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The Sheffield (South Yorkshire, U.K.) based quintet began their musical career as Def Leppard in 1977 when Joe Elliot teamed up with bassist Rick Savage, drummer Tony Kenning and lead guitarist Pete Willis.
Despite an initial change in line-up and producers and music style, Def Leppard have over the years forged a stellar career that has spanned across 3 decades and they have cemented themselves as one of the globally definitive hard-rock musical acts.
Since at least 1982, Def Leppard has also been one of the few mainstream rock bands which has more less remained in tact and are still actively touring. Their latest outing in 2013 being on the big-screen in the form of a limited-release concert-movie, Viva! Hysteria which premiered at select cinemas across the world (including down here in Australia).
Despite their success, Def Leppard has also earned some unwanted nicknames like 'cursed' and 'jinxed' due to the car accident which cost drummer Rick Allen his left arm and the tragic death of guitarist Steve Clark.
Nevertheless, the group solidiered on and released timeless classic albums like Hysteria and Adrenalize, proving that any obstacle can be surpassed through will and dedication.
From a personal standpoint, I'm particularly choosing to write about Def Leppard as this is the band (along with Europe and Motley Crue) which exposed me to rock music and glam metal towards the end of the 1980s and early 1990s - As one of the first Gen-Y babies I don't remember much from 80's rock but was still old enough to appreciate the musical styles from that era and thankfully, my addiction has stayed since ;)
THE EARLY YEARS (1977 to 1982)
From A Deaf Leopard to 'Def Leppard'
Lead singer Joe Elliott (born August 1 1959) initially coined the name 'Deaf Leopard' while still in school back in 1975.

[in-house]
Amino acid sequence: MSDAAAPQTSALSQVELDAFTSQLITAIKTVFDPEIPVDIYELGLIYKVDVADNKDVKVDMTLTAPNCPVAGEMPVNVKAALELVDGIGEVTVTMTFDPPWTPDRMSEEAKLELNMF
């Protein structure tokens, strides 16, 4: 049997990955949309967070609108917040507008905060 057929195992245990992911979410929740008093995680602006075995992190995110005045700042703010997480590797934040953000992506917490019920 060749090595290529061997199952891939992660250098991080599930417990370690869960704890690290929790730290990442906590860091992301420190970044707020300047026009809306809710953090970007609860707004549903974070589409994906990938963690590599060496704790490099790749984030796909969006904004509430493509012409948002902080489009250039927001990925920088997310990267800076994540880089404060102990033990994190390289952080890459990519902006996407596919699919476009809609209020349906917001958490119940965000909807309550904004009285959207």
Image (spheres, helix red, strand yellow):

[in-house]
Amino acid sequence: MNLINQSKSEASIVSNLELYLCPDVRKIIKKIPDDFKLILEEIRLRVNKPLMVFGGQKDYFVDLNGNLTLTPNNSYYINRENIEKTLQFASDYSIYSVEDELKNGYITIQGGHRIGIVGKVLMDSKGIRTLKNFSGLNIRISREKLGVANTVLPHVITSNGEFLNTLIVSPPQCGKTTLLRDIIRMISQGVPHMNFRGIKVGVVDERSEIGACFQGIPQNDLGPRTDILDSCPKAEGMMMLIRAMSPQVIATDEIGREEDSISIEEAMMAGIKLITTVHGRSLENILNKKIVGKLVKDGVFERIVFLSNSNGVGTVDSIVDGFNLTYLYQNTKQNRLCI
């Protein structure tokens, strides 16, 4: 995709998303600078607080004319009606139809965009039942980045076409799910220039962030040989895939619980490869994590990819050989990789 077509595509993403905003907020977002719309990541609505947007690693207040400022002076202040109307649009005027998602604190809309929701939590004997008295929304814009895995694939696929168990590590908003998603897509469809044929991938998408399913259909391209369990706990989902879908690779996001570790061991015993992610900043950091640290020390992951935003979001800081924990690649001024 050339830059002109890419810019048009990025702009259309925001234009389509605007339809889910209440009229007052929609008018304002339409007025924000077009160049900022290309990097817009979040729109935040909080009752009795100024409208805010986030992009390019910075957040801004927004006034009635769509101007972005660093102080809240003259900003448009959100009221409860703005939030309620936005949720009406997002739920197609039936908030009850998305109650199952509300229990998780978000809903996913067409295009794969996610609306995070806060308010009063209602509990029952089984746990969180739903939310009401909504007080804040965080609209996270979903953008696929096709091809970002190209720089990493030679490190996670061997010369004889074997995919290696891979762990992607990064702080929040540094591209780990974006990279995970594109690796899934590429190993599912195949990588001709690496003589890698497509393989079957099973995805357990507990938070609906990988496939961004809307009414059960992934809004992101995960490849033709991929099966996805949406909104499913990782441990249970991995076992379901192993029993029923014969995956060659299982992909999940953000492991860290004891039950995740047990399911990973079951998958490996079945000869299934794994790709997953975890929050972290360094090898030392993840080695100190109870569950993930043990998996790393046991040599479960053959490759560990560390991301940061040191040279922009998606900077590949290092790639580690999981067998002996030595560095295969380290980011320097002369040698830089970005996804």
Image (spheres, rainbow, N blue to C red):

Between 1975 and 1977, bassist Rick 'Sav' Savage, drummer Tony Kenning and guitarist Pete Willis joined the duo and decided to form a rock-band. To add some uniqueness, they changed the name to 'Def Leppard' from Deaf Leopard and began jamming some songs.
(To this date, Joe Elliot and Rick Savage are the only two people from Def Leppard who've been with the band right since its inception).
While the band managed to rehearse and do mostly covers of other rock songs (including those by Thin Lizzy and David Bowie), they managed to compose their first original song named 'Misty Dreamer'.
The group, except for their instruments and basic sound-gear, was still battling without a producer and proper sound-equipment and were only able to rehearse inside a factory in Sheffield and 'performed' their first gig in front of six friends.
Steve Clark and Rick Allen join the group, fulltime
As the youngsters began realizing that their band has potential to crack it into the mainstream, they began rehearsing more often (albeit not enough to really get noticed).
In 1978, Steve Clark (April 23 1960 - January 8 1991) (who joined as the 2nd lead guitarist to go with Pete Willis) pressured the other people to get out and play if they wanted some limelight and threatened to quit if they didn't.
Realizing that the band cannot afford to lose a talented axeman like Clarke, the group played their first public gig at Westfield School in Sheffield and earned 5 Pounds for their effort at a teacher's expense.
At around the same time, the group fired the original drummer Tony Kenning (apparently due to his lack of commitment) and replaced him with another drummer, Frank Noon who recorded with the drumming parts for the group's first official album, 'The Def Leppard EP'. While marketing and exposure was sill low, the group did begin getting some limited exposure.Upon the release of the first EP, Frank Noon left the band and was replaced by a still very young Rick Allen (born November 1 1963).